food. family. life.

ring cake ala romagnola

I adore simple cakes and desserts. I am not a fan of heavy, sweet frostings or cream laden desserts or snacks.

I do appreciate our traditional Italian pasticceria (pastries) such as soft cream puffs filled with custard, sfogliatelle (a superb pastry, layered like a clam shell filled with a cheese filling), pasticiotti (small “pies” filled with vanilla or chocolate custard), liquor soaked baba au rhum and many other delicious pastries.cucinadimammina_ciambella ala romagnola_2.jpg

My famiglia purchased pastries for hundreds of gatherings and celebrations from the best Italian bakery in upstate NY, Villa Italia. We would visit this place after church on Sunday and pick up a large white box filled with pastries to bring to family and friends that afternoon.

My cousin, Susanna, worked there when she was in high school which was pretty cool as she got to see the inner workings of this locally famous bakery. Dan, the girls, and I love to stop there when we visit upstate; we look forward to the wonderful smell of the bakery combined with the sweet aroma of freshly brewed espresso— just a wonderful way to spend an afternoon or evening.

My Mammina Loreta avoided these cream-filled concoctions with a passion and always made her own biscotti and cakes that were very simple and classic in flavor. She never wrote her recipes on paper which made my search a bit difficult.cucinadimammina_ciambella ala romagnola_1.jpg

I did find a recipe for a traditional simple cake made in the region of Roma that is mostly enjoyed for breakfast with coffee or for a light snack in the afternoon or evening. I adapted this recipe a bit and added extra lemon zest and the zest of orange; I just love the fresh taste of citrus.

NOTE: (The original recipe is found at Lora, cook and author of the Cake Duchess blog, really knows her Italian cakes and I thank her profusely for this recipe.

This ciambella ala romagnola torta (cake) is perfect for when you need something a bit sweet, but not overly heavy. It keeps well for a few days and can also be stored in the freezer for a short period.

ciambella alla romagnola


2 cups unbleached flour

2 tsp. baking powder

1 cup sugar

1 pinch of sea salt

zest of 1-2 medium size lemons

zest of 1 large orange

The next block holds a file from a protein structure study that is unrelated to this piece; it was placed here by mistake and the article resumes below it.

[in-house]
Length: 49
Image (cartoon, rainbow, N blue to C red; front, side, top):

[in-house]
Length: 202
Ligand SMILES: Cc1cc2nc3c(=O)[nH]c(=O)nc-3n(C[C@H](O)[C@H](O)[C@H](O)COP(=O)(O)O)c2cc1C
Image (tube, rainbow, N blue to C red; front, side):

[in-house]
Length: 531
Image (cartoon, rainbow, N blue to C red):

4 eggs; separated into bowls (yolks and whites at room temperature)

2/3 cup of unsalted melted butter

1 cup warm whole milk

1 tsp. vanilla

large granular decorating sugar or confectioners sugar for dusting

Butter and flour generously, a metal tube pan or bundt ring pan. Preheat oven to 350 degrees fahrenheit.

Place melted butter aside until needed. In a medium deep bowl, whisk together the flour, salt and baking powder. Add both the zest of the lemons and the orange to the flour mixture.

In your stand mixer bowl, beat the egg whites until they form very stiff peaks that stay in place. Remove the whites to another bowl, in the stand mixer bowl, beat the yolks and sugar until well blended.

Add in about half of the flour mixture and blend. Add in the melted butter and beat for about a minute or two. Mix in 1/2 of the milk and vanilla until well blended. Add in the remaining flour and the milk and allow to mix until done.

Remove the mixer bowl from its stand and gently and slowly fold in some of the whipped egg whites, being careful not to over mix here. Continue adding the whites in segments until all the whites become incorporated into the final mixture.

Pour the finished batter into the prepared ring pan; decorate the top with the granular sugar f desired and place in the preheated oven. Bake for 40 to 45 minutes until the torta is light golden brown and an inserted toothpick comes out clean.cucinadimammina_ciambella ala romagnola_4.jpg


Buon Appetito!

Note: Photography provided by Annette L. Venditti


2 Responses to “ring cake ala romagnola”

  1. Crystal Simpkins

    I just LOVE this recipe! My grandmother was a pastry chef and my father, therefore taking after his mother, is an amazing baker.
    This recipe reminds me of my childhood and always with EVERY meal (yes, including breakfast) having dessert. But not in the over indulging glutenous way. There was always fresh fruit and a homemade cake in the house — usually some type of pound cake or citrus torta.
    Does this make me Italian??! (I always felt that in another life I was) 🙂
    This recipe certainly brings a smile to my face and one that I look forward to incorporating into my catalogue.

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